Developing a procedure to sort and extract useful information from a mass production data
MetadataShow full item record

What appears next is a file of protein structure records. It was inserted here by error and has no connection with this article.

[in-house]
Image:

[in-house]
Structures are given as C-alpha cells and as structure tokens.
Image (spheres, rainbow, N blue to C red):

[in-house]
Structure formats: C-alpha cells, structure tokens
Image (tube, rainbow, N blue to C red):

Abstract The Rubiales field is a multi-well cluster field which creates severe amounts of production data. Rapid expansion has lead to massive increase in oil production. A consequence is missed opportunities of optimization in data management. The aim of this master thesis was to examine methods to extract and organize information from a multi-well mass production data set. This is for utilization of the data in modeling, analysis and decision making in operation of the field. Data from three years of production was used to create the procedure. A literary review was made to introduce the concepts of data management. The data management system will discuss databases, processing and analysis of data together with important components of data management. The literary review also presents the benefits of using data management in the oil industry and presents the concept of asset management. A case study was used to demonstrate the need and merit of production optimization using data management. For a small amount of data it was shown that data management could be beneficial. Wells proved underperforming according to measures set in the “Reserves Certification Report” by RPS Energy (2). An automated model was built to enhance the use of data management and the processing was performed on historical data. Three years of data was given as daily data in separate Microsoft Excel files containing large amounts of information. The production data was extracted and transferred from the individual Excel files to a database in Microsoft Access. Here the files are sorted in daily Access objects containing only the production data. Two different routines were then written to extract and process the data. The processing was an automated process that created graphical information and sorted lists for improved decision making. The master thesis demonstrates a procedure that sort and extract useful information from a mass production data set. It presents a procedure of transforming data to information in a very short time. The model is very limited, but graphical information enhances decision making while filtered and sorted lists reveal underperforming wells. There are enormous potential in data management and the thesis can be seen as an incentive to expand the use of data management. Even though the model is made by a production technology student with very limited experience in data management and programming it is easy to use. Combining the skills of a production engineer with experience from the field with a programmer, a data management model would probably improve the value of the field. The principal of the model could be used on real-time data and simulated data which would lead to shorter response time on closing underperforming wells. An economical extension could also be beneficial. Closing wells and other field operating decisions should be based on economics, not static constraints based solely on oil production and water cut.